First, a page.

While recent Census data shows an increase in the number of small farmers within our region, agriculture
is still very polarized with 95% of farmland inhabited by corn and soybeans. Imagining a major shift in
current land use patterns is difficult, given supports for large grain operations. However, we find that
even marginal expansion of agricultural markets for local consumption will result in significant returns.
Farmers, consumers, restaurant owners, and grocery stores should realize how their market decisions
affect the regional economy and make a concerted effort to buy and sell locally. Meanwhile, local leaders
must not waste this opportunity to encourage this growth. Future generations will thank them for it.

For a copy of the complete study, please contact The Heartland Local Food Network at
1.) Five county region includes McLean, Livingston, Tazewell, Woodford, and Ford
2.) Consumer spending data originates from the American Community Survey of the 2000 U.S. Census
and Bureau of Labor Statistics’ Consumer Expenditure Survey (2005-2007).
3.) Farmers’ market sales of fruits and vegetables are used as a measure of local spending.
Comparing farmers’ market sales to total expenditure gives the share of regional consumption that
is supplied locally. Market channels such as community-supported agriculture, roadside stands,
and institutional spending are excluded from the analysis. This clearly understates the amount of
local spending currently taking place, as well as the possibilities for growth in local spending.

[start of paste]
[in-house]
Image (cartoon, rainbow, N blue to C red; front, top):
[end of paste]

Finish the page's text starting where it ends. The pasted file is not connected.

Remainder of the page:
4.) Impacts are estimated using the IMPLAN Modeling system. Events are specified based on
proposed increases in the share of local consumption met by local production.

Understated Effect
Certain assumptions made during the analysis tend to understate the overall impact of buying local fruits
and vegetables:
1.) Assuming the supply of farmland to be fixed so that an increase in fruit or vegetable production
accompanies a decrease in grain production, a negative impact was estimated based on the
economic loss. The results reported above are thus a net impact. To the extent that farmland is
available, grain production will not be replaced and the economic impact will be more positive.
2.) IMPLAN’s data files do not reflect vegetable production in two counties (McLean and Ford) or
fruit production in three counties (Tazewell, Ford, and Livingston) despite evidence to the
contrary. This results in an additional understatement of the “real” multiplier effect of these types
of production. Data for these missing counties would allow a more accurate and greater impact
than that reported above.

For a copy of the complete study, please contact The Heartland Local Food Network at